Looking for coeliac disease hiding in the family

Nicola Robson and Andrew S Day
Med J Aust 2023; 219 (8): . || doi: 10.5694/mja2.52116
Published online: 16 October 2023

Coeliac disease is an immune‐mediated enteropathy, triggered in genetically susceptible people by dietary gluten.1 Diagnosis has historically been based on positive serological test results (such as elevated anti‐tissue transglutaminase [tTG] or endomysial antibody levels) together with characteristic histological features identified by small bowel biopsy in people with typical symptoms. However, serological diagnosis (without small bowel biopsy) may be considered in children.2 In Australia, an estimated 1.2% of men and 1.9% of women have coeliac disease,3 while an electoral roll‐based study determined a rate of 1.2% in Christchurch, New Zealand.4 Both figures are consistent with the estimated pooled global prevalence of 1.4%.5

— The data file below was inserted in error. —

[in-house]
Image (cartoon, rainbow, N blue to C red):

• 1 Christchurch Hospital, Christchurch, New Zealand
  • 2 University of Otago Christchurch, Christchurch, New Zealand



Andrew Day's research activities are supported by Cure Kids.

Competing interests:

Andrew Day has received speaking fees from AbbVie.

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